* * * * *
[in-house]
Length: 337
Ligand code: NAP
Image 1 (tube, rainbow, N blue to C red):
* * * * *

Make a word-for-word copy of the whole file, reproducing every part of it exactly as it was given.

[in-house]
Length: 337
Ligand code: NAP
Image 1 (tube, rainbow, N blue to C red):